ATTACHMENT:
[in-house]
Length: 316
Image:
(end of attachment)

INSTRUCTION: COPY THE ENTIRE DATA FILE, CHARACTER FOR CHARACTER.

[in-house]
Length: 316
Image: